The House

Indigenous framework about restoring trust in government, ministers say

The newly announced legal framework for Indigenous people will focus on finishing unfinished business and showing the government is ready for reforms, according to two ministers working on the file.

Prime minister announced upcoming changes Wednesday in the House of Commons

Minister of Justice and Attorney General of Canada Jody Wilson-Raybould, left, and Crown-Indigenous Relations Minister Carolyn Bennett will help lead the implementation of a new framework on Indigenous rights. (Adrian Wyld/Canadian Press)

The newly announced legal framework to recognize Indigenous rights will focus on addressing unfinished business and showing the government is ready for reforms, according to two ministers overseeing the file.

"It's the political will to make sure people know things have changed," Carolyn Bennett, the minister of Crown-Indigenous relations, told The House.

"We are saying 'we know you have rights, let's sit down at the table and figure out what are the most important things you want to work on now to be able to exercise the rights that are the most important to your community.'"

On Wednesday, Prime Minister Justin Trudeau promised a fundamental rethink of how the federal government recognizes Indigenous rights, vowing to work with Indigenous partners to develop a new legal framework to foster self-governance.

The shift toward respecting Indigenous rights gained momentum when the Constitution Act was passed in 1982 by Pierre Elliott Trudeau, but the rights outlined in that document weren't always respected.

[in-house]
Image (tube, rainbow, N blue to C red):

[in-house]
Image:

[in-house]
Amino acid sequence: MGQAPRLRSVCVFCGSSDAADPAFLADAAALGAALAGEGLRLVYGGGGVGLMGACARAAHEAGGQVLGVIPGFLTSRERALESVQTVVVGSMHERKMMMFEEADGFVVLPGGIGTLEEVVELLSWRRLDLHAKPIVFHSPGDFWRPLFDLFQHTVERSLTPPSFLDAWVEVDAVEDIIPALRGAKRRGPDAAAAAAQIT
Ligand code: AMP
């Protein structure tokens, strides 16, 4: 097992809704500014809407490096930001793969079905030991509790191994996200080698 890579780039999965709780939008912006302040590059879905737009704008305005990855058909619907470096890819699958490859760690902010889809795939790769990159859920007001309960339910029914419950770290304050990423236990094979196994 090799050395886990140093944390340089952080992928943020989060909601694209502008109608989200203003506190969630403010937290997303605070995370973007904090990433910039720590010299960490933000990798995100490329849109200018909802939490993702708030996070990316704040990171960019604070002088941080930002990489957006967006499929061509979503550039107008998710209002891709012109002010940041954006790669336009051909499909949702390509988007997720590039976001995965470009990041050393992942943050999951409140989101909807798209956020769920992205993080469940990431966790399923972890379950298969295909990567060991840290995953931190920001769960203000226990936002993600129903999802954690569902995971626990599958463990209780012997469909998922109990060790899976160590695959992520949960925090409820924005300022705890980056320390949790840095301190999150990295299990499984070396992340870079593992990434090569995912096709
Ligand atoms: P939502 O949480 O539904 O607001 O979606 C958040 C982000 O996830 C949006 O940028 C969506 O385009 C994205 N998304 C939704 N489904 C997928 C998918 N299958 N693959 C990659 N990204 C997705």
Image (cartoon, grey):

As an example of the issues that need addressing, the prime minister pointed to decades of rights-based legal battles.

The Justice Minister talks about Justin Trudeau's commitment to create a new legal framework to guarantee Indigenous rights.

"Instead of outright recognizing and affirming Indigenous rights, as we promised we would, Indigenous Peoples were forced to prove, time and time again, through costly and drawn-out court challenges, that their rights existed, must be recognized and implemented," Justin Trudeau said this week.

The framework, which still has to be developed despite a promise to be in place by the next election, will outline a new way to deal with those court cases.

In addition to fostering self determination, Justice Minister Jody Wilson-Raybould said proper rights recognition will essentially mean the government won't meet Indigenous groups in court to challenge their claims.

Finally, there will be a way forward to help in "correcting the unfinished business of Confederation," she told The House.

"Our justice system is challenged when it comes to addressing issues of individuals who have been marginalized."

The Crown-Indigenous relations Minister discusses Justin Trudeau's commitment to create a new legal framework to guarantee Indigenous rights.

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